As an adult, I've picked up books here and there that I've heard about and wanted to read, and I went through a phase where I just picked up classic titles at thrift stores so I could decorate my home with them. I've never been a very avid reader, though, and that has bothered me. Stephen King said, "If you want to be a writer, you must do two things above all others: read a lot and write a lot." If I want to be a blogger, I need to be reading and writing regularly.

#43 on my 101 in 1001 list is to read 20 new books. So far, I've read 10 out of 20. I started very slowly, but lately, I've realized how much I enjoy reading, and most importantly, I've given myself permission to read whatever I want. It doesn't have to be a classic, nor does it have to be on Oprah's book club list. For the first time I can remember, I am actually enjoying reading. Here's what I've been reading lately:

Where'd You Go, Bernadette by Maria Semple
Love, love, loved this book. I love reading about eccentric, socially awkward people. This book is written as a series of email, letters, and interviews that fit together perfectly as the story unfolds. I LOLed, but mostly I just loved Bernadette.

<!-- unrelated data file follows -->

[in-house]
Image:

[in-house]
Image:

Bitter is the New Black by Jen Lancaster
Jen Lancaster is the kind of woman you want for your best friend. She has a hilarious, self-depreciating voice that really puts things into perspective. She spends the whole book spiraling deeper into poverty, and yet this book will crack you up. 

The Help by Kathryn Stockett
Everyone I know read this book last summer. I guess I don't read books until I come across them at a garage sale or a used bookstore. It was amazing, as you probably already know.

Miss Peregrine's Home for Peculiar Children by Ransom Riggs
This book was okay. The photographs were interesting, and the story was engaging, but I don't really enjoy magical fantasy books. Every fantasy story has its own set of rules and magical stuff, and after a while, this book started to get really confusing. If you enjoy that kind of story, you may really like this one. This wasn't my favorite. It was just okay.

The Absolutely True Story of a Part-Time Indian by Sherman Alexie